Friday, March 20, 2009


Reactions have poured in from all quarters to this week's revelations of AIG's $100 million-plus retention incentives, and rather than end up as another decibel added to the cacophany, I've been content to mostly sit this one out and chew popcorn on the sidelines. Mostly. While naturally the news of these bonuses coupled with the several billions of taxpayer funds keeping the company afloat has led to a few raised eyebrows, the sense I have is that the outrage over this is more of that old political opportunism than actual, y'know, outrage.

Nevertheless, in attempting to take as broad a view of this is as possible, it seems the one thing there's a surplus of in this whole thing is blame. Of that, there's gobs to go around, starting with a lack of transparency on the part of AIG (though, as we'll see explicated below, I hate referring to AIG as as if it's one big monolithic entity) that surely did them no favors, continuing up the food chain to CT Dem Chris Dodd for removing provisions to monitor these bonuses, than lying about it, up to Treasury Secretary Tim Geithner, who apparently lobbied for said provisions' removal, and lastly to President Obama, who, let's be frank, should have known better (and in the case of Geithner, should have chosen better).


Now, providing a different perspective from the image of Righteous Populist Indignation we've gotten up to this point, I provide this picture from The Boston Globe of an AIG employee (left) confronting a protester (the other guy) outside the company's offices in Boston:

The AIG employee above is Mike Coyle, father of Sean, and here's the younger Coyle to provide us with some further context:
So here's the full story. While some held signs that supported the "restabalizing of unions" many of the protesters identified themselves as members of the "Socialist Alternative." According to my father, they all looked like a bunch of hippies and homeless people.

The story with the picture is, when my dad was coming back from lunch, the protesters began shouting things at everyone walking into the building. Keep in mind, the building isn't JUST AIG employees. But no one seemed to care, because all them there finger-pointers ain't in possession of the full facts, I reckon.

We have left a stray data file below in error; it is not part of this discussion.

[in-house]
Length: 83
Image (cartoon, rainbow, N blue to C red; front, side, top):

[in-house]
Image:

The guy in the picture was saying stuff like "my tax money's paying your salary!" and "what gives y'all the right to spend my money?" It wasn't until the guy said "you're stealing food out of our babies mouths. . . you'll be sorry" when my dad got in the guy's face and said...

..."listen, you lazy piece of shit - - I got enough of the baby killer crap in Vietnam. Check your fuckin' facts and know what the fuck you're talking about. I EARN every cent I make. You look like you've never worked a day in your life. Threaten me again and I'll break your goddamn neck."

At that moment, the private security hired by AIG's New York office stepped in and pushed the protestor away. When the photo went online and was circulated through the office, my father was sure he'd be repremanded (even though he was never listed by name). To his pleasant surprise, his boss's, boss's boss personally called him and said "I wish you would have socked that guy."

I could tell he was excited. Apparently he's a folk hero within the company as the man sticking up for all the hard-working little guys.
Having known Mr. Coyle for a little while now, let me be the first to assure you that if you got him angry like that, odds are better than even that you deserved it. The point, I guess, is that things are rarely as simple as we like to think (or think we'd like).

1 comment:

USpace said...

Good one. The Wall Streeters were fooled by all the magic talk.

They thought they could buy loyalty, they were wrong.

The Wall Streeters and AIG people who got the huge payouts, aren't really getting 'bonuses'; it really is just 'deferred compensation'. They get a base of about 250-300k, but then they get a million or 10 later as a 'bonus'. If AIG had made a lot of money in that division instead of losing tons, their 'bonuses' would have been much bigger. At those levels even when they lose money they get BIG 'bonuses', it's just deferred compensation.

If companies can't pay what the market demands for that type of employee, then they can't hire them, and then they can't be in that particular line of business.

Let AIG go bankrupt. Eff'em! But if they get bailout money to stay in business and pay their debts to other firms, they have to pay the compensation they owe their employees too. Period.

I think Pedro Martinez and Tom Cruise make too much also. So let's then limit how much the studio or the Yankees can make, and then tell them and the theaters what to charge for tickets.

Let's just outlaw 'being rich', except for politicians of course.
here’s an absurd thought -
our Supreme God
hates ALL rich people

unless they are Democrats
who have the right to be rich

absurd thought -
God of the Universe says
always create more taxes

hypnotize the people
one more tax will fix it all

absurd thought -
God of the Universe says
don't believe in me

put faith in communism
despite it killing billions
All real freedom starts with freedom of speech. Without freedom of speech there can be no real freedom.
Philosophy of Liberty Cartoon